A licence to smoke cannabis legally was proposed today by one of Britain’s leading experts on the drug.
Professor Roger Pertwee said making cannabis as available as alcohol would prevent drug-related crime, and reduce the chances of people being introduced to harder narcotics.
But he cautioned that it might be necessary to prevent vulnerable individuals obtaining the drug.
“You’d need to have a minimum age of 21, and I would suggest you might even have to have a licence,” said Prof Pertwee, from the University of Aberdeen, who pioneered early research on the effects of cannabis in the 1960s and 1970s.
“You have a car licence and a dog licence; why not a cannabis licence?”
The idea would mean only those not suffering from a serious mental illness or at risk of psychosis would be legally allowed to buy the drug.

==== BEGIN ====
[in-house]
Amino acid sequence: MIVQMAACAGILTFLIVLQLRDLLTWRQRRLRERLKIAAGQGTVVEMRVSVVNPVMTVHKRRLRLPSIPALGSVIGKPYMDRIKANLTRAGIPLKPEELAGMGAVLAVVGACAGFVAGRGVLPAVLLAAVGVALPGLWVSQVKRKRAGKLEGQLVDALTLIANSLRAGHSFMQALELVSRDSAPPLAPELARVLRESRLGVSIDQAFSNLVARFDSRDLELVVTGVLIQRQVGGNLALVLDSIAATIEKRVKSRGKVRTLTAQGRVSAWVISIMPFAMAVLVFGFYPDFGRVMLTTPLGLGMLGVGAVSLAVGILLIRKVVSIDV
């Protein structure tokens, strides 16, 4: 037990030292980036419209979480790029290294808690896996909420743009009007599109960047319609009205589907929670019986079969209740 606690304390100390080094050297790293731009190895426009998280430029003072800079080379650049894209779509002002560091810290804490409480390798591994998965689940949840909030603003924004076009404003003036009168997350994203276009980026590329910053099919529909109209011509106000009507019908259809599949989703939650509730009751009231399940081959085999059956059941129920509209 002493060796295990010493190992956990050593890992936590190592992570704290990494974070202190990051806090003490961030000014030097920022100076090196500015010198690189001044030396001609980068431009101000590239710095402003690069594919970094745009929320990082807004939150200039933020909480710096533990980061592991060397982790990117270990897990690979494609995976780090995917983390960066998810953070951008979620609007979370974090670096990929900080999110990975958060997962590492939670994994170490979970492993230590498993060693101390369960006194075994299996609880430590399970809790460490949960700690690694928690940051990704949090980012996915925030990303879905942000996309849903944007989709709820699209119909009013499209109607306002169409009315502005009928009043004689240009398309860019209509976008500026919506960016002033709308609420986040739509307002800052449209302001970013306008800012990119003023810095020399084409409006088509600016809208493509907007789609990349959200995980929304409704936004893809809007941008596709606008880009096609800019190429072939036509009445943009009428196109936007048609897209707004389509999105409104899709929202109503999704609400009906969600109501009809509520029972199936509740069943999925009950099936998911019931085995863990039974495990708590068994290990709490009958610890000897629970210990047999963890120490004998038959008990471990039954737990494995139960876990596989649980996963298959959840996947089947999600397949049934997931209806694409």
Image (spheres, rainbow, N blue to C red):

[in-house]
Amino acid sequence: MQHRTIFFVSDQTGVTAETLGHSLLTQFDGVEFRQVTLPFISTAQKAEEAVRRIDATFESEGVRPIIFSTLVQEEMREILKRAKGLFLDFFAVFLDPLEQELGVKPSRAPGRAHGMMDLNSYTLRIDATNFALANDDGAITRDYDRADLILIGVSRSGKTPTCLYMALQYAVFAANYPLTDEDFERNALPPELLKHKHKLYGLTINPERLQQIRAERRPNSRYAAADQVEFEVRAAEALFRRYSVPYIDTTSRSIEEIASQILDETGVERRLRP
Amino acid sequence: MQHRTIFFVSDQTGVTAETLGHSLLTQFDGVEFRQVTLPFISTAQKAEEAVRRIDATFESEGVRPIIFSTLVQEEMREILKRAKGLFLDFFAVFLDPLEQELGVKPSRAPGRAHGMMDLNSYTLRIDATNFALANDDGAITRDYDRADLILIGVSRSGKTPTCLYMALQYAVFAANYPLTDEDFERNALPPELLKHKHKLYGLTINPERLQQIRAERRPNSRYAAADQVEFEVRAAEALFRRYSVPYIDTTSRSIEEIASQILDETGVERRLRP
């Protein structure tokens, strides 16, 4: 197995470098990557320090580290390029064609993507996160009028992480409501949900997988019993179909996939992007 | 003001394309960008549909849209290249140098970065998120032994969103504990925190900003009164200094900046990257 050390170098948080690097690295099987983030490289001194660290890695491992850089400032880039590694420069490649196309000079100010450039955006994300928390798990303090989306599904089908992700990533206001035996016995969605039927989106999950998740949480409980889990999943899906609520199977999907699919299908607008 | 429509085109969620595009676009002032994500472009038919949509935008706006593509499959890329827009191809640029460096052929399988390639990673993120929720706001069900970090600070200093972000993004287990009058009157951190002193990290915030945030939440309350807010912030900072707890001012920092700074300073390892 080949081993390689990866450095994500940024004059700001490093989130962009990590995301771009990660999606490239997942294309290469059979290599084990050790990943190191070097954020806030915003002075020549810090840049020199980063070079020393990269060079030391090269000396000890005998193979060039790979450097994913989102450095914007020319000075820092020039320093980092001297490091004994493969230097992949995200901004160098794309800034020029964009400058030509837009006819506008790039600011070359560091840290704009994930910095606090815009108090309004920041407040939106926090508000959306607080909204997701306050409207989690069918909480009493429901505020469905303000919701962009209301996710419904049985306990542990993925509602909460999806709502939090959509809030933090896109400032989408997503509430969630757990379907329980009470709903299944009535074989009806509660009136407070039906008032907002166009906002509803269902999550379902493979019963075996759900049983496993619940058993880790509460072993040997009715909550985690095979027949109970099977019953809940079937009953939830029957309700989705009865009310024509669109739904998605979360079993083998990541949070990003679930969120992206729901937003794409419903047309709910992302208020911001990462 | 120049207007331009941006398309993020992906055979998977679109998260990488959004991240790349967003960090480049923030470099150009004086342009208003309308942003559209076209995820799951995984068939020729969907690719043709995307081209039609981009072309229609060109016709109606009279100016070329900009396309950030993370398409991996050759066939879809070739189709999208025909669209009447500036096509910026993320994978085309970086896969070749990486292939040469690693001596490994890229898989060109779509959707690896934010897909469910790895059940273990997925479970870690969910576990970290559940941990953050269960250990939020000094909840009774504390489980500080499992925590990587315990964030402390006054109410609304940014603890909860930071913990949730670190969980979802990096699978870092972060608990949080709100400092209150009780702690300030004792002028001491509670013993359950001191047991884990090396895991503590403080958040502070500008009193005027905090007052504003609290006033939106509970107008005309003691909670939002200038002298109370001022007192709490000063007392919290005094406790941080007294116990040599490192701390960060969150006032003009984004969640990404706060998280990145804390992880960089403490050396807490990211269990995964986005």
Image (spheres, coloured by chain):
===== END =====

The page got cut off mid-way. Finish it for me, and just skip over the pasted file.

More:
Research has shown an association between smoking cannabis and a greater chance of some individuals developing schizophrenia.
Prof Pertwee said cannabis appeared to increase the risk of psychosis in people already predisposed to the illness because of their genes or traumatic childhood.
He called for a greater debate on the recreational use of cannabis, and said in principle he was in favour of legalisation, if the right framework could be found.
“We need to explore all the various options,” said Prof Pertwee, who is speaking at the British Festival of Science at Aston University, Birmingham, this week.
Copyright Press Association 2010